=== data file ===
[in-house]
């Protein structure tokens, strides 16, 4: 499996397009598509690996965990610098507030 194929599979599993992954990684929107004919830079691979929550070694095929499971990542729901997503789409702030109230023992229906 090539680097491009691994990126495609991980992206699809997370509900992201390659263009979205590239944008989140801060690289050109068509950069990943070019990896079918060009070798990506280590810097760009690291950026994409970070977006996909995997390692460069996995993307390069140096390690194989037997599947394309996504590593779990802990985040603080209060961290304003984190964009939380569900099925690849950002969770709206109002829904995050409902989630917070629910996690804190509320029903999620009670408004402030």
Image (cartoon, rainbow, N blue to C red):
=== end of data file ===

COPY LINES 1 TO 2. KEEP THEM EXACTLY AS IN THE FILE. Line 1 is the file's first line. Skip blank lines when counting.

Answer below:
[in-house]
């Protein structure tokens, strides 16, 4: 499996397009598509690996965990610098507030 194929599979599993992954990684929107004919830079691979929550070694095929499971990542729901997503789409702030109230023992229906 090539680097491009691994990126495609991980992206699809997370509900992201390659263009979205590239944008989140801060690289050109068509950069990943070019990896079918060009070798990506280590810097760009690291950026994409970070977006996909995997390692460069996995993307390069140096390690194989037997599947394309996504590593779990802990985040603080209060961290304003984190964009939380569900099925690849950002969770709206109002829904995050409902989630917070629910996690804190509320029903999620009670408004402030």